Percutaneous access was created under fluoroscopic or totally ultrasonic guidance. Inclusion criteria for fluoroscopic guidance PCNL were patients who were all candidates for PCNL (stones were larger than 2 cm or resistant to extracorporeal shockwave lithotripsy [ESWL] and larger than 1.5 cm in the lower calyx). Our inclusion criteria for ultrasonic guidance were the patients with a single pelvic stone, a single calyceal stone, kidneys with stones in the pelvis and the lower calyx, upper ureteral stones (if they were not a candidate for ESWL or TUL), and kidneys with nonradio-opaque stones. In these cases, we have performed complete ultrasound-guided PCNL. The tract was dilated to 28 to 30 Fr with Amplatz dilators (acute dilation) and then an Amplatz sheath was placed. A grasper directly extracted small stones and a pneumatic device fragmented large stones.

Demographic data and stone characteristics between the 2 groups were not significantly different and they are shown in Table 1. Patients were categorized into 3 groups according to the World Health Organization’s (WHO) classification of body mass index (BMI): < 25 kg/m2 (ideal weight), 25 to 30 kg/m2 (overweight), and > 30 kg/m2 (obese and morbidly obese) [6]. We have compared the outcomes of prone and supine PCNL according to BMI in our patients. Before PCNL, urine cultures were obtained, and if positive, appropriate antibiotics were administered. Associated comorbidities included hypertension (HTN), diabetes mellitus (DM), ischemic heart diseases (IHD), congestive heart failure (CHF), and chronic obstructive pulmonary disease (COPD) (Table 1). After PCNL, stone-free status was determined by fluoroscopy at the end of the procedure and KUB and ultrasonography 1 to 14 days after the procedure. We did not use a CT scan to detect stone-free status in our study, which is a restriction.

Stone-free status was defined as residual stones less than 5 mm in diameter, similar to the study performed by Neto et al. [3]. Before surgery, a ureteral catheter was inserted for all patients and tubeless PCNL was done (no nephrostomy tube was placed after the procedure). In the presence of significant renal pelvic perforation, a nephrostomy tube placement would be necessary. At the end of the fluoroscopy procedure, this would be diagnosed by nephroscopy or by extravasation after contrast material injection, or by observing the collection of fluid via ultrasonography, any ureteral obstruction, and any significant residual stones indicating active bleeding and thus suggesting the need for another procedure. An external ureteral catheter was used as a transient catheter, which was attached to the urethral catheter to remove within 1 to 3 days after PCNL. We inserted a double J stent for 4 to 6 weeks in patients with large stone residue, significant perforation of the pelvis, and coincidental endopyelotomy. Stone burden was defined as the maximum diameter of the stone on KUB, ultrasonography, or a CT scan. In this study, the stone-free rate, Hb before and after surgery, blood transfusion rate, fever rate, anesthesia time, complications, and tubeless PCNL (without a nephrostomy tube) rate were evaluated to determine whether BMI can influence the outcome of PCNL in the prone and the supine positions or cannot. The results were analyzed by the use of a t-test and a Chi-square test. We considered p ≤ 0.05 significant.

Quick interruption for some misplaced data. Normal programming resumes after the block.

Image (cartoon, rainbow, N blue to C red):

RESULTS

The study included 24 (48%) males and 26 (52%) females, with a mean age of 43.9 years, in the prone group and 33 (55%) males and 27 (45%) females, with a mean age of 46.35 years, in the complete supine group. Stone burden in the prone group was 39.7 ± 14.7 mm and 38.1 ± 15.8 mm in the supine group. We have done PCNL with multiple tracts in 27 patients. Five patients in the supine group and 4 patients in the prone group had staghorn stones. The mean BMI was 26.47 ± 4.25 kg/m2 and 27.55 ± 5.5 kg/m2 in the prone and the supine positions, respectively. There was no statistically significant difference between the 2 groups (p = 0.40). In the patients with a BMI ≥ 30, the mean BMI was 34.47 kg/m2. Patients and stone characteristics in the prone and the supine position are summarized in Table 1.